Current Cases

ExxonMobil -Villagers of Aceh Litigation

Status Past Case

Practice area Human Rights

Court U.S. District Court, District of Columbia

Case number 1:01-cv-01357


On May 15, 2023, eleven Indonesian citizens represented by Cohen Milstein settled a high-profile human rights lawsuit with ExxonMobil Corporation a week before a jury trial in the long running case was scheduled to begin. The confidential settlement brought an end to two decades of litigation.

The eleven Indonesian citizens alleged that ExxonMobil contracted to use Indonesian soldiers to guard its operations in the Aceh province of Indonesia. Instead, the families alleged, the soldiers inflicted horrific abuses on the villagers and their families, including murder, torture, sexual assault, and kidnapping. Plaintiffs further alleged that these abuses occurred at or near Exxon’s sprawling operations and that the soldiers who committed the abuses were engaged in providing security for Exxon when they physically abused, sexually assaulted, tortured, and murdered their family members.

On August 2, 2022, the Honorable Royce C. Lamberth for the U.S. District Court for the District of Columbia issued an 86-page opinion that largely denied ExxonMobil Corporation’s motion for summary judgment. In the ruling, the court found that most of ExxonMobil’s arguments were “entirely meritless.”

Case Background

Plaintiffs, eleven villagers from rural Aceh, Indonesia, filed this lawsuit in June 2001. For over 20 years they sought to hold ExxonMobil, the world’s most powerful and profitable corporation, responsible for the sexual assault, wrongful death, battery and other abuses inflicted upon them and their families by the military guards they allege were engaged by Exxon to provide security at its enormously profitable Arun gas fields. Four Plaintiffs and several witnesses have died in the interim.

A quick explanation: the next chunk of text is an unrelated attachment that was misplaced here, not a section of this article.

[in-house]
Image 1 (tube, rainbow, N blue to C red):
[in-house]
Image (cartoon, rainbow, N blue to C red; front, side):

Defendants asked the Court to dismiss Plaintiffs’ claims nine times. See Dkt. 13 (motion to dismiss, denied at Dkt. 103); Dkt. 125 (motion to dismiss amended complaint, denied at Dkt. 136); Dkt. 268(motion to dismiss for lack of personal jurisdiction, denied at Dkt. 339); Dkt. 269 (motion for summary judgment, denied at Dkt. 366); Dkt. 389 (motion to dismiss, denied by D.C. Circuit at Dkt. 421); Dkt. 426 (motion to dismiss, denied at Dkt. 454); Dkt. 468 (motion to dismiss second amended complaint, denied at Dkt. 512); Dkt. 633 (motion to dismiss for lack of personal jurisdiction, denied Dkt. 645); Dkt. 818 (motion for summary judgment, denied Dkt. 845).

When it denied ExxonMobil’s first summary judgment motion, the District Court held that the abuses inflicted by the security guards were foreseeable (“there is sufficient evidence that EMOI should have known that the military security posed undue risks to local Indonesians near its Arun gas venture”) and that there was sufficient evidence that EMOI requested security forces who were “dedicated exclusively” to its operations and had a “right to control” those security forces. Dkt. 365 at 12-23.

When it denied ExxonMobil’s final motion for summary judgment, the District Court pointedly stated, “With only limited exceptions, defendants remaining arguments – about causation, quantifiable loss, ExxonMobil’s liability, and due process – are entirely meritless.” (Pg. 3 – 4) The Court repeatedly found that ExxonMobil’s characterizations of the evidence was “wrong” or “simply wrong.” (P 37, 45, 46, 72)

The District Court carefully evaluated the evidence presented by the Plaintiffs – including close to 400 documentary exhibits and deposition testimony from 43 depositions – and concluded that Plaintiffs had presented enough evidence to proceed to trial. Examples are summarized below:

  • Jane Doe I alleged she was assaulted in 2001 when she was eight months pregnant by a soldier who, among other things “forced her to jump up and down repeatedly.” (Pg. 33) She identified the soldier as one of the soldiers assigned to ExxonMobil, and her testimony was corroborated by a witness who waited daily for the school bus outside ExxonMobil’s facility and could confirm identifying information. (p.33) The Court found that “a reasonable jury could conclude that the soldier was one who was tasked with providing security for defendants” and that there was a sufficient “connection between the soldier’s wrongdoing and his employment relationship with defendants.”